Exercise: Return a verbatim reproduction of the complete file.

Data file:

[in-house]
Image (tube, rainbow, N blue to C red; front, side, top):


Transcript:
[in-house]
Image (tube, rainbow, N blue to C red; front, side, top):